NOTE: This post was updated on 12-6-18 to reflect changes in the podcasting space.
I spent this week surrounded by thousands of podcasters at the Podcast Movement conference in Anaheim. This year, Jacobs Media hosted a day full of sessions geared towards radio broadcasters: “Broadcasters Meet Podcasters.” It was great to see so many of our brethren show interest in the medium; two years ago I complained that hardly any radio broadcasters were present at the conference.
But if you've recorded your first episode, you're now ready to upload the audio file to a hosting company and submit your to directories around the web to ensure that listeners can find it.
Here's how it works:
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Hosts and Directories
You create create your episode as an MP3 audio file. Just as the files for your website live on a hosting platform like GoDaddy, your audio files will live on a podcast hosting platform like AudioBoom, Art19, Blubrry, Libsyn, Omny Studio, Spreaker, etc. (I don't recommend SoundCloud.) Of course, people don't go to GoDaddy to access your website files; they use a browser like Chrome, Firefox, or Safari. By the same token, people don't go to your hosting company to access your audio file; they use an app like Apple Podcasts, iTunes, PocketCasts, Overcast, etc. How do you get your audio file from your host into the thse apps? Through directories.
Your Podcast's RSS Feed
When you first set up your podcast hosting company, you will be provided with an RSS feed. Think of this feed as a pipe. When you upload a new audio file to your host, it will be pushed down the pipe. Now you need to hook your pipe up to the directories so it goes to the right places.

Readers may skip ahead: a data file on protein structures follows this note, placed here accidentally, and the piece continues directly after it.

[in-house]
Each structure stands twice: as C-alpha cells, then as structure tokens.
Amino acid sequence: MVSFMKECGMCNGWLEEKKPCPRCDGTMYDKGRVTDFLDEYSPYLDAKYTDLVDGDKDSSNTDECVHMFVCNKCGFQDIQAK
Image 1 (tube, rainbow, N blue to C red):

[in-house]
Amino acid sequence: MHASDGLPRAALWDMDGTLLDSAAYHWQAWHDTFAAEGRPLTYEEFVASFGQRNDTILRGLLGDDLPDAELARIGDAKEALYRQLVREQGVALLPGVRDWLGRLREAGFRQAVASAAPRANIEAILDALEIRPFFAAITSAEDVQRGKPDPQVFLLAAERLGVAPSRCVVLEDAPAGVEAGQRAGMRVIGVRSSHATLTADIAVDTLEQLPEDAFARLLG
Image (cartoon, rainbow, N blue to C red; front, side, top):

When submitting your RSS feed to the different directories, it's best to already have at least one audio file uploaded to your hosting service. Because it can take several days for a directory to approve the submission of your RSS feed, I recommend creating a short (less than 60 seconds) teaser instead of sing your first episode.
Once the feed has been approved by all of the directories, then you can publish your first episode and it will appear everywhere almost immediately. Using a teaser for the RSS submissions makes it much easier to coordinate the timing of your marketing efforts around the first episode of your podcast.
There are more podcast directories than just those listed below, but here are the major ones that you will want to submit to:
1. Apple Podcasts
Approximately two thirds of all podcast listening happens on iOS devices. This is primarily because Apple began shipping iPhones with a pre-installed Podcasts app with the introduction of iOS8 in 2014. If you only submit your podcast to one directory, it should be Apple Podcasts.
2. Google Play Music Google Podcasts According to this year's Techsurvey13, 28% of North Americans have listened to a podcast in the last month, while 48% have never listened to a podcast. Many of us in the podcasting space believe that podcast listening will see a huge jump when Google fully embraces the medium and starts shipping Android phones with a pre-installed podcasts app like Apple does. Unfortunately, there's no telling when that may happen. There was a glimmer of hope last year when Google incorporated podcasts into their Google Play Music app. While this app isn't responsible for anywhere near the amount of listening as the Apple Podcasts app, you'll want your podcast in it just in case Google suddenly decides to embrace podcasting.